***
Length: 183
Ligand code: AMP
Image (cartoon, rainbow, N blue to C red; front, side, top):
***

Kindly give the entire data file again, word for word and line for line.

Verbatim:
Length: 183
Ligand code: AMP
Image (cartoon, rainbow, N blue to C red; front, side, top):